Tariffs on U.S. Soy Will Strengthen Brazil’s Hand in the Chinese Market

Re-Blogged From Stratfor


  • In the short term, China remains in a stronger position than the United States in terms of the soy market, with numerous alternative suppliers and substitutes for U.S. product available.
  • Still, the large share of the Chinese market held by U.S. soybean exporters means that Beijing likely will be unable to shut off all U.S. soy imports.
  • Tariffs will accelerate an existing trend that has led to increasing Brazilian soy exports to China.

Workers load imported soybeans onto a truck at a port in Nantong in China's eastern Jiangsu province. Chinese soybean stocks are at a 10-year high, which could help China absorb the loss of U.S. imports brought on by tariffs.

(AFP/Getty Images)

U.S. farmers could soon start to feel the sting of the White House’s trade battles, especially as the fallout from its skirmishes with China begins to hit. Tariffs imposed by Beijing in retaliation for those slapped on Chinese goods by the United States include a 25 percent levy on soybeans, a key import. The world’s second-largest economy is also its largest soybean importer, but China appears well positioned to weather the higher prices that tariffs have brought. In the end, higher prices for U.S. soybeans could accelerate changes already occurring in the Chinese market, eroding U.S. market share and spurring China to further increase domestic production of the crop.


The Big Picture

A number of countries have imposed multiple rounds of tariffs as the global trade dynamic shifts, and the U.S. agricultural sector is finding itself caught in the fallout. Tariffs imposed by China on U.S. commodities such as soybeans will likely accelerate market trends already in motion.

See Agriculture and Technology

China currently buys more than 60 percent of total global soybean exports, with half of that demand filled by Brazil. The United States, meanwhile, holds about a 40 percent share of the Chinese market. The import tariffs are pushing Chinese importers to seek alternatives to the U.S. supply. But given the sizable U.S. share of the Chinese market, Beijing will not be able to entirely forgo U.S. soybeans. For now, the Chinese government will absorb the higher costs that the tariffs impose, a policy that will become easier if global soy prices, which hit a 10-year low after China announced its tariff plan, continue to decline.

Graphic: Soybean Prices, July 2017-July 2018

China can tap a number of potential alternatives that could eventually reduce the U.S. share of its soybean market. For one, China could source even more of its soybeans from Brazil, where its 2017-18 harvest took place months earlier. For the current season, Brazilian farmers produced about 113 million metric tons of soybeans with 70 million metric tons destined for the export market, according to the U.S. Department of Agriculture’s Foreign Agricultural Service. It already must dip into its stockpiles to satisfy domestic demand of 46.5 million metric tons, meaning that it has little current capacity to meet increased demand from China. U.S. producers, which are preparing to bring in their 2018 crops, are entering the time of year when the soy export pendulum generally swings their way. But the longer trend in the soybean market still favors Brazil, where more land is being devoted to crop production and improvements in infrastructure will make it easier to send those crops to market. Tariffs on U.S. soy will only accelerate that trend.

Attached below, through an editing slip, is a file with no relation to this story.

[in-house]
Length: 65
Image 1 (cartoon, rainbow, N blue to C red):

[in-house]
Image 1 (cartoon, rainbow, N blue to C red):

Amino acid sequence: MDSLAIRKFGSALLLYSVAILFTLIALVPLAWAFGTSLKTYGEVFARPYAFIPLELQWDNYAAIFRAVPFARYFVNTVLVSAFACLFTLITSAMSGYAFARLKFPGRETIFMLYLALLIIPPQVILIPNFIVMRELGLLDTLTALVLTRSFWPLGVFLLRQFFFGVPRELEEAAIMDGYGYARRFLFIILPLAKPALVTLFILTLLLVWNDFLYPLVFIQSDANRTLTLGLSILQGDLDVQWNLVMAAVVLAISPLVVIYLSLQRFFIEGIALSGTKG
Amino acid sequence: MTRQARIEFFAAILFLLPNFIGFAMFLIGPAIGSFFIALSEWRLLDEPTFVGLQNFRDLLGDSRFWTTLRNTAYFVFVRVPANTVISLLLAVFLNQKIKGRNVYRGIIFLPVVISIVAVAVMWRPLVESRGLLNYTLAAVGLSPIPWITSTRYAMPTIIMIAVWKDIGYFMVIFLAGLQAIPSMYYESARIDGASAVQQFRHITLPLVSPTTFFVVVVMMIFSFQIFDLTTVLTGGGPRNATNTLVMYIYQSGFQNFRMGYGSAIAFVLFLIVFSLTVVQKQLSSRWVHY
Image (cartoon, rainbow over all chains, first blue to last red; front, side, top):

In China, domestic policy and stockpiles of the oilseed will help it weather the price increases brought on by tariffs. At an estimated 20 million metric tons, its stocks of raw soybeans are at a 10-year high. Its also has sizable reserves of soybean oil. Furthermore, policy shifts in Beijing have focused on shifting domestic production from corn to soybeans in a number of agricultural provinces. Grower subsidies for soybeans have been increased in Heilongjiang, Jilin and Liaoning provinces, helping boost domestic production. Finally, substitutes for soymeal, which is used primarily in animal feed, will help China reduce demand. China could, for example, use its ample stocks of corn to replace soy in feed. Although it would not be an ideal long-term solution because it would change the protein composition of animal feed, corn could act as a temporary substitute.

Even before its tariffs kicked in, China canceled tens of thousands of tons of U.S. soybean shipments soon after its tariff decision was announced in April, and negative net exports to China occurred through much of June and into July. U.S. farmers, meanwhile, will be hard pressed to find a substitute for the Chinese market. Soy supply chains could lengthen as the global market rebalances in response to the tariffs, with soybeans taking more circuitous routes to China’s markets. For instance, Brazil could import U.S. soybeans for its domestic market, allowing it to send more of its own crop for export.

As the part of the year when U.S. exports traditionally dominate nears, China’s tariffs are in a position to hurt U.S. soy producers centered in the greater Mississippi, Missouri and Ohio river basins. And the alternatives available to China will allow the country to limit imports from the United States. Tariffs imposed by other major export destinations, like Mexico, will further weaken U.S. soybean producers on the global market moving forward. These actions have the potential to be devastating for individual farmers. However, the consolidation of the agricultural sector and the waning power of U.S. agricultural interests in Washington may limit the political impact of those developments.


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